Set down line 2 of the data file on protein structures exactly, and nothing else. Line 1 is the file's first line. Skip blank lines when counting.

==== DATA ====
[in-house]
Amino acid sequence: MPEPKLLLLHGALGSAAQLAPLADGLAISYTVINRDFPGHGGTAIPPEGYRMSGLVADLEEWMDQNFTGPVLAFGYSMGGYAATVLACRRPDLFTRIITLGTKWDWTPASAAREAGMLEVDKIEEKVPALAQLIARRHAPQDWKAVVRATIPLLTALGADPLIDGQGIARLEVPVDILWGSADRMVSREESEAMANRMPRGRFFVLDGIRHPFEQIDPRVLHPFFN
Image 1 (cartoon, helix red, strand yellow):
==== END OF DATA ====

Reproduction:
Amino acid sequence: MPEPKLLLLHGALGSAAQLAPLADGLAISYTVINRDFPGHGGTAIPPEGYRMSGLVADLEEWMDQNFTGPVLAFGYSMGGYAATVLACRRPDLFTRIITLGTKWDWTPASAAREAGMLEVDKIEEKVPALAQLIARRHAPQDWKAVVRATIPLLTALGADPLIDGQGIARLEVPVDILWGSADRMVSREESEAMANRMPRGRFFVLDGIRHPFEQIDPRVLHPFFN